What Is Ballot Harvesting? Arizona Argues Over Whether Collecting Ballots for Voters Could Lead to Fraud

Ballot harvesting continues to make headlines across the nation.

A practice long used by both political parties, special-interest groups and political operatives, ballot harvesting can be viewed as a voter service that greatly improves turnout or an underhanded political tool that leaves elections open to fraud.

Ballot harvesting groups see their mission as supporting voters who are ill, too busy with work, or the elderly who may need assistance. Collecting ballots in this way has also been instrumental for decades to the Native Americans living on remote reservations.

A hearing in Phoenix on Tuesday by the U.S. House Subcommittee on Elections posed the question "Should this practice be illegal?" Ballot harvesting has been illegal in Arizona since 2016, when State Senator Michelle Ugenti-Rita authored the law that banned the practice. She was in court on Tuesday to testify and defend that law.

"We're constitutionally required to protect the integrity of elections," she said in an interview with KNXV. "The practice of allowing third parties to collect other people's ballots is not good government and it's not a good elections practice."

Ballots delivered by mail that may be compromised. Getty

Congressman Ruben Gallego of Phoenix attended the hearing since it was held in his congressional district, and spoke to KNXV about what he saw happening in Arizona.

"For many years it was something that was allowed and permissible," said Gallego. "What happened when you look at the history is that when the Latino Democratic community started practicing the same thing that the Republicans practiced, then all of a sudden it was a problem."

Ballot harvesting and tampering issues surrounded the election of Congressional candidate Mark Harris in North Carolina, which ultimately led to state officials refusing to certify his win. An in-depth investigation resulted in witnesses who testified to the illegal collection and completion of absentee ballots. This led to a new election, which was the first redo of a congressional House seat in over 40 years.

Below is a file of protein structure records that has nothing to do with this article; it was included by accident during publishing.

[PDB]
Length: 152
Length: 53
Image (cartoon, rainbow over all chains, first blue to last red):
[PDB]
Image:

California passed what some viewed as an overly-permissive ballot collection law in 2018. Before the law passed, only a family member or a member of the household could lawfully deliver a ballot. But AB-1921 loosened that rule, allowing almost anyone to solicit voters, fill out ballots and deliver them on behalf of a registered voter.

Gathering absentee ballots directly from voters is currently allowed in 19 states. Some states have embraced it, while others have put a lawful stop to it. Montana voters approved an anti-ballot harvesting referendum in 2018. They made violating this measure punishable by a $500 fine for each ballot illegally collected.

Voting rights advocates are discouraged that laws like this are being passed with no real evidence of ballot fraud happening. In the end, they believe this punishes certain voters without doing much to avert or expose real fraud.

With election season drawing closer in the United States, the battle over harvesting ballots has only just begun.